Transition metal terpyridine complexes for molecular electronics

Chappell, Sarah
Transition metal terpyridine complexes for molecular electronics. PhD thesis, University of Liverpool.

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Currently there is a huge amount of interest in the synthesis and electrical characterisation of single molecules that have the potential for use in electronic devices. In order for this technology to move forward it is necessary to gain insights into structure-property relationships at the nanoscale, as well as a basic understanding of the charge transport through various molecular architectures. It has previously been demonstrated that the electrical properties of redox active single molecules can be investigated as a function of potential. This thesis investigates the single molecule conductance properties of molecules incorporating a transition metal centre. The research presented in this thesis investigates two major studies. The first is a study into the electrochemical and conductance properties of a variety of transition metal based complexes. Initial electrochemical and conductance investigations of a series of pyterpy transition metal complexes showed a similar conductance for all the series, this was investigated in two different environments. The ligand was then varied and several ruthenium complexes were investigated, to investigate the anchoring group effect and to examine the length and conductance relationship. The data presented here demonstrates a higher conductance for methyl sulphide anchoring group than the pyridyl anchoring group. The data presented showed a low dependence on molecular length, suggesting a hopping transport mechanism. The conductance behaviour of two [M(pyterpy)2](PF6)2 complexes were investigated as a function of potential in an ionic liquid medium. The data presented exhibited an increase in conductance as the redox potential was reached. The second study investigated the conductance behaviour of two 6-porphyrin nanorings. This is the first conductance study on these porphyrin based complexes. The study investigated a ‘complete’ and ‘broken’ nanoring and showed a smaller than expected difference in conductance between them. This preliminary study has allowed for the development of the structure to investigate possible quantum interference effects.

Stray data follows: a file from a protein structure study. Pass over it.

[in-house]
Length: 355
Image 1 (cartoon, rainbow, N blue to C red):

Item Type: Thesis (PhD)
Additional Information: Date: 2014-10-31 (completed)
Subjects: ?? QD ??
Depositing User: Symplectic Admin
Date Deposited: 03 Aug 2015 10:01
Last Modified: 17 Dec 2022 01:27
DOI: 10.17638/02011084